Bright Red Tea, Hibiscus Tea
Hibiscus sabdariffa, I bought one small pack of dried roselle's calyx at delicatessen nearby. Commonly, Indonesian people say it is roselle's flower due to widespread misinterpretation. It is not flower but part of flower to protect a flower before it opens, CALYX. Roselle planted in Indonesia a few hundred years ago. People used its fiber just like jute. But lately people also use it for food and drink.
The dried calyx processes into roselle jams, syrups, and tea. Simply pour 250 ml boiling water on 3 to 5 dried roselle's calyxes to make some tea. Wait until it turns into bright red color. Press them with teaspoon may help them become red faster than just leave them. Add amount of sugar cube, stir. You can drink it cold or warm. Fresh but sour. Off course it is sour, because of the high level of vitamin C. So please be aware of your stomach.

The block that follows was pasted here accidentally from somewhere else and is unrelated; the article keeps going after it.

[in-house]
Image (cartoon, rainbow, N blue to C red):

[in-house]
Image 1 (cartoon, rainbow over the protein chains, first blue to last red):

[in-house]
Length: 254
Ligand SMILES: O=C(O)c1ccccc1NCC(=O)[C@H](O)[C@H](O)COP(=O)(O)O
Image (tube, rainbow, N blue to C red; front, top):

Hibiscus sabdariffa's calyxes are rich in anthocyanins. These pigments are responsible for the bright red to crimson red color of our Hibiscus tea here, depends on how many dried calyx we use. Not only take a role as the major pigment in this dried calyx, but Anthocyanins also take a part as antioxidant. The dried calyxes are also rich in flavonoids content. That's why people around the world use it for several folk medications. Some researchers found that Hibiscus tea has antihypertension effect in type II diabetic patients (with mild hypertension) so that it is reasonable when folk medication use it to cure people's mild hypertension.
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